Social Isolation Educates
McPherson, Smith-Lovin, & Brashears study in American Sociological Review
This past June an interesting article on the change of core discussion networks in America appeared in American Sociological Review and was covered in the New York Times. Access the article here. The authors used data from the General Social Survey to show that over the last two decades core personal discussion networks have been shrinking and that the number of social isolates in America (those who report that the size of their discussion network is 0; in other words, that there is no one with whom they "discuss important matters") has nearly tripled.
This study is worth reading, for it raises many interesting questions about contemporary American society. For instance: How is it possible that amid the rise of a ubiquitous social apparatus (the world wide web) - one which increasingly provides the engine upon which information is generated and communication is facilitated - Americans report having fewer and fewer confidants? The web connects people, it does not isolate them. Wouldn't intuition tell us that amid such change the number of close confidants would rise, or at least stay relatively the same, but certainly not fall? Or is it actually the case that upon being increasingly inundated with information persons turn to fewer and fewer trustworthy friends and relatives to make sense of an overwhelming amount of ideational material? What has a pedagogical influence? Friends? Or screens?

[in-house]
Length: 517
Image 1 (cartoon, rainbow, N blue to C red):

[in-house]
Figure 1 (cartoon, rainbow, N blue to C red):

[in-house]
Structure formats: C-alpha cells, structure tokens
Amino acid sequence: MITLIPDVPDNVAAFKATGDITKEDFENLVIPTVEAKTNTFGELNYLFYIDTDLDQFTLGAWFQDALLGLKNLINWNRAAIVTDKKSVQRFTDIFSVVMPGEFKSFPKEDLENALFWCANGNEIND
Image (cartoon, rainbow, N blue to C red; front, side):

McPherson, M., Smith-Lovin, L., & Brashears, M. (2006). Social Isolation in America: Changes in Core Discussion Networks over Two Decades. American Sociological Review, 71, p. 353-375.